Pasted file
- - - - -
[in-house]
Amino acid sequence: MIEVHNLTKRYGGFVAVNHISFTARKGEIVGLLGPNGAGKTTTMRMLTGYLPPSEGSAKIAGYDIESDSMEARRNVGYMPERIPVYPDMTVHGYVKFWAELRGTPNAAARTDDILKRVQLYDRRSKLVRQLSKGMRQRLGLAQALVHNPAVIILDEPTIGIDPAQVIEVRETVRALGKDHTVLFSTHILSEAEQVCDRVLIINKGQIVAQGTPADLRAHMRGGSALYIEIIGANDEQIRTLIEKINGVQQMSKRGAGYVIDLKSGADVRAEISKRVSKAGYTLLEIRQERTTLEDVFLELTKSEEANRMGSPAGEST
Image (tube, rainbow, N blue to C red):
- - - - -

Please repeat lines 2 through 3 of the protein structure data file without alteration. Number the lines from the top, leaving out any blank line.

Amino acid sequence: MIEVHNLTKRYGGFVAVNHISFTARKGEIVGLLGPNGAGKTTTMRMLTGYLPPSEGSAKIAGYDIESDSMEARRNVGYMPERIPVYPDMTVHGYVKFWAELRGTPNAAARTDDILKRVQLYDRRSKLVRQLSKGMRQRLGLAQALVHNPAVIILDEPTIGIDPAQVIEVRETVRALGKDHTVLFSTHILSEAEQVCDRVLIINKGQIVAQGTPADLRAHMRGGSALYIEIIGANDEQIRTLIEKINGVQQMSKRGAGYVIDLKSGADVRAEISKRVSKAGYTLLEIRQERTTLEDVFLELTKSEEANRMGSPAGEST
Image (tube, rainbow, N blue to C red):